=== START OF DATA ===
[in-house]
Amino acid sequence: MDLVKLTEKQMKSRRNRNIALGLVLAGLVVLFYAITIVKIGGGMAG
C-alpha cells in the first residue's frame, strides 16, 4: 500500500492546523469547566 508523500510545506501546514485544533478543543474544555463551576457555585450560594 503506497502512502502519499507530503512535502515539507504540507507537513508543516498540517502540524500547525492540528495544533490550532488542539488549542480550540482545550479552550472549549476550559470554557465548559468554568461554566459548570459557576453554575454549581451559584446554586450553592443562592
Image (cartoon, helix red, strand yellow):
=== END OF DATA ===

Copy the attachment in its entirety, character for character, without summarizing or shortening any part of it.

[in-house]
Amino acid sequence: MDLVKLTEKQMKSRRNRNIALGLVLAGLVVLFYAITIVKIGGGMAG
C-alpha cells in the first residue's frame, strides 16, 4: 500500500492546523469547566 508523500510545506501546514485544533478543543474544555463551576457555585450560594 503506497502512502502519499507530503512535502515539507504540507507537513508543516498540517502540524500547525492540528495544533490550532488542539488549542480550540482545550479552550472549549476550559470554557465548559468554568461554566459548570459557576453554575454549581451559584446554586450553592443562592
Image (cartoon, helix red, strand yellow):